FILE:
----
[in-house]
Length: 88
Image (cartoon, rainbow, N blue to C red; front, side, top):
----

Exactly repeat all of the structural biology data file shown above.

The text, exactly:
[in-house]
Length: 88
Image (cartoon, rainbow, N blue to C red; front, side, top):